Recently I attended a workshop for Social Workers and Therapists on dealing with Human Trafficking in the states and it was astonishing to realize how little people think it goes on here. It occurs under the guise of the sex industry.

It makes my heart beat fast, at least now people know what's happening and that it's happening in their neighborhoods.


  1. Anonymous11:36 PM

    I wonder what makes this case "trafficking" versus "pimping and pandering". Does anybody know!

  2. Anonymous5:27 PM

    People who claim to be devout christians should remember that it is not their day to judge. Human beings make mistakes and not everyone is blessed with the abilities associated with good decision making. Try getting a life or perhaps reporting things that are conducive to making the world a better place. Concentrate on your own homes and families where you may be able to exercise your need to be control freaks and let God handle everyone else.

  3. Anonymous10:28 AM

    I live in Florida about 20 minutes away from Tampa and i personally know all three people you have pictured above. Me and Kenyatta were actually very very close. Never once did i see anything that would make me think thiss was going on. Its crazy too think that i man i knew very well and was dating was involved in something like this. Makes it kind of hard for me to beleive

  4. Anonymous11:55 AM

    I live in Tampa FL, and I am glad that their are people who report stuff like this. It informs me, an opens my eyes to what is really around me.

  5. Anonymous12:17 PM

    I live is Tampa Fl, and I think that it is discusting that traffickers are able to get away with what they do to other people for personal gain. I hope that I never encounter any of these criminals, because if I do I am pretty sure that I will be tempted to dispose of this trash myself. Be ware if this if you are a trafficker in Tampa fl. I'm sure there are a lot of actual human beings that feel as I do about these sick people called traffickers.

  6. Anonymous2:47 AM

    My daughter is one of the four girls that was charged in prostitution in this case and I know for her life has been hell since she has gotten out of it. I was unaware that this was going on at the time or I would have done everything in my power to get her out of it. I just wish that the investigators and all involved would make it mandatory for these vicims to get counseling because I know my daughter really needs it but she claims she doesn't. She does, she has been thru hell on earth and needs to get professional help to deal with all of this. We all need to pray for these victims and hope that they get the help they all need so very much.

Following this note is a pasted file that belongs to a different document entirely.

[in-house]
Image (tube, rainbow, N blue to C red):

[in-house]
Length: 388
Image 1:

7. Anonymous10:45 PM

    I just could not believe it when i saw it on the news. i worked there and worked with "lacy" for almost 2 years i never had any idea that such a nice and girl could be involved in something like this. The club had its issues just like 99% of the clubs in the tampa bay area but it was a decent and fun club to work in. My prayers do go out the the girls and their family's that was harmed in these events and im sure if someone was to speak up or hint anything to another girl working there at the time, something would have been done. the girls there where like family at work and outside the club.

  8. Anonymous4:32 PM

    I live a half hour from Tampa and am very grateful that people go the extra mile to post stuff like this up. It's amazing the things we see in this country a country that by other nations is considered a place u want to be. I love my county and I wil do every thing in my power to stop this. People need to work together to get the word out on what's going so we informing the youth what they can do to prevent this and most of all cry out to God for our nation.

  9. Anonymous6:13 PM

    Read a novel about human trafficking. very good. Pretty Maids from Barnes and Noble

  10. Anonymous12:59 PM

    This is scary. My heart breaks for those victims...